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  • Writer's pictureGeorge Marco


In November 2022, a trial court in New York ruled that although a subcontractor submitted no invoices for its work prior to termination, and may not even have performed any work, it was still entitled to the remaining balance due on the contract after it was terminated by the general contractor. SA-FE Windows, Inc. v. MJM Associates Construction, LLC, 2022 NY Slip Op 33893 (Sup. Ct. Kings County 2022).

In SA-FE, the GC hired a subcontractor to perform certain window work in the amount of 1.7 Million dollars in connection with a project in Brooklyn, New York. After a dispute arose over the quality of the subcontractor’s work, the GC terminated the subcontractor under the contract’s termination provision. The provision stated that upon termination the subcontractor would not be entitled to any further payment until the work was completed. It further stated that any unpaid balance would only be paid to the subcontractor to the extent it did not exceed the GC’s cost to complete.

At the time of termination there was approximately $336,000.00 remaining in the subcontract and the GC only paid $60,000.00 to complete the subcontractor’s work, thereby leaving a balance of $276,000.00 in the subcontract. In ruling that the GC was required to pay the defaulted subcontractor this amount, the court rejected the GC’s argument that the subcontractor (1) was only entitled to these funds where it performed work (2) was previously paid for the work it performed and (3) did not submit any invoices to the GC for its work.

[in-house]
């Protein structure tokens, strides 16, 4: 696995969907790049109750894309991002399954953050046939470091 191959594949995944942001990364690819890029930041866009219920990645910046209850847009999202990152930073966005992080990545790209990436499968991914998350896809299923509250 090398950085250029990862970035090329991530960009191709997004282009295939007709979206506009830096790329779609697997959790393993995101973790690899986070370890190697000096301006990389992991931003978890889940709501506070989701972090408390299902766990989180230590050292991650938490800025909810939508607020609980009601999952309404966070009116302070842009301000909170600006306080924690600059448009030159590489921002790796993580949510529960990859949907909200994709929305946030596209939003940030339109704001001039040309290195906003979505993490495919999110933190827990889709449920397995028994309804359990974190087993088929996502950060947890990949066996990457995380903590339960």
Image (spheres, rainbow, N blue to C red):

In rejecting these arguments, the court stated that based on the plain language of the termination provision it did not matter whether the subcontractor performed any work prior to termination, but that instead the termination provision triggered payment to the Subcontractor “even where the subcontractor performs no work at all”. The court further opined that there was “no requirement for the subcontractor to engage in some work, even inferior work, in order to be entitled to payment pursuant to” the termination clause.


Many construction contracts have similar termination clauses to the one in this case. They essentially provide that upon termination, the subcontractor will not be entitled to any further payment until the project is complete and then only if there is a balance remaining after the cost to complete is determined will the balance be released to the subcontractor. However, this case raises an interesting point. What if the subcontractor performed no work at all prior to termination? Would it still be entitled to any remaining balance left in the contract? The court here answered that in the affirmative and supported its decision by pointing out that if this was not the case then contractors would be free to terminate subcontractors upon finding a cheaper price to perform their work “without fear of owing the first subcontractor any compensation”.

The bottom line is that contracts will be enforced according to the plain meaning of the language employed, even if it may result in an inequitable result. Accordingly, contractors should carefully craft termination provisions in their subcontracts to specifically identify what compensation, if any, a defaulted subcontractor will be entitled to upon termination.

About the author: George Marco is an attorney practicing in the field of construction law. He also holds a Bachelor of Science in Mechanical Engineering and was previously employed as a Project Manager for a public improvement contractor.

If you would like more information regarding this topic or any other related to construction law please contact George Marco at or call (516) 464-2320.

Disclaimer: This article is for informational purposes only and not intended to serve as legal counsel.

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